I want to go back. I want to go back. I never wanted to come home to begin with. Can we just move to Senegal? Pretty please?
Okay, I’ve been on enough short-term mission trips now to have learned something really important: you never get out of the honeymoon phase. You just are not there long enough. A week is not enough time for the food to get old, or the quaint little town to lose its charm, for the cold showers and arbitrary police stops to cease feeling like an adventure. Nearly everything about the short-term trip is exciting when you go in with an open mind, so of course it ends with you not wanting it to end and maybe you even think, “I could do this. I could live here.”
I know something else important: the people are what makes it. When everything else fails your expectations and when all the adventure and excitement has abandoned you, the people you serve and do life with are what keep you going. And so every time during this trip when I caught myself dreaming about what it would be like to take a position in our new Senegal office, I had to remind myself that it probably is not Senegal itself I was so in love with — rather it’s the people on this team.
Let’s start with Rex, our project leader. The best way I can describe Rex is to say, imagine if Dave Barr were an architect. (I’m so sorry if you don’t know Dave, just go with Steve Irwin). Rex makes everything fun. Most eMi staff who travel with Rex come home with some great (mis)adventure story. That did not happen to us, except that one night he fell out of his chair when it broke. But that was not his fault. It was just the chair’s time to go.
Then we had David Wright and John Agee, members of our Senegal office launch team. David is Irish so just listening to his accent all week was enough. But he also has the gift of servant leadership and was constantly making sure everyone had what they needed, whether that was afternoon coffee or a few words of encouragement. And John is the most culturally sensitive person I have ever met. After just two days with him I came to realize that it’s born of a sincere and deep love for the people of Senegal. He also has a pretty contagious laugh.
God sent us a blessing in Gabriel, a Senegalese engineer with loads of experience. On every project it is our goal to include a local design professional because they know building practices far better than we do and the partnership is always sweet. Gaby was wiling to take time away from his wife and young child to spend the week with us. He mainly speaks French so I did not get to talk to him much directly, but he was always smiling. Always.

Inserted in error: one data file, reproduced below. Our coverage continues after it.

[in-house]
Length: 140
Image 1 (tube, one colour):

I want to go on and on about the rest of this team because I just came to love them, but to do that justice would require a very long blog post. I want to tell you everything about how Hutch seemed to never leave the work table through 8 hours of time lapse video footage, or how Jason could always be counted on when a good Monty Python quote was in order. How Bill was always there with me for early morning coffee, truck bed rides, and hunting down lost dogs. How Dillon was always so calm even when his hard drive crashed and how Tracy greeted everything with a fresh sense of excitement and an Ewok voice. How Alicia owned that PowerPoint presentation, how Dana dropped in late but fell into step so quickly, and Martijn’s direct communication style sent us into spasms of laughter at least twice a day.
I did not want to go to Senegal. I had NO expectation of liking it. The only thing that excited me about it was knowing how I always love being with the team. Every team I’ve served with has been good. But when you ask me how Senegal was and I reply, “It was amazing! It blew my expectations away,” I am referring to the group of people God placed around me for 10 special days.
Maybe it was knowing we had the privilege of serving on the first official project for eMi’s Senegal office. I’m certain it helped that we were so well cared for by Eric, his family, and our house helper, Raymonde. And being surrounded by a culture that places a high value on peace and hospitality makes a difference. Maybe it was all the moringa powder…
I am not going to try to dissect it too much, lest all those questions destroy the beauty of the thing. For now I will just watch the video again and pour over the pictures and reread my journal entries.
And pray I get to go back again soon.
The full photo gallery is here.
We are missionaries with Engineering Ministries International, based in Colorado Springs, and traveling around the globe to serve.
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